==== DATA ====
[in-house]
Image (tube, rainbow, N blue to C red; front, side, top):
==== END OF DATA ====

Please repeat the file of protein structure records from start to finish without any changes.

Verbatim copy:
[in-house]
Image (tube, rainbow, N blue to C red; front, side, top):